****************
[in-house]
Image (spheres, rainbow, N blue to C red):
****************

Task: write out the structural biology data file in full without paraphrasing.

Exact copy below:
[in-house]
Image (spheres, rainbow, N blue to C red):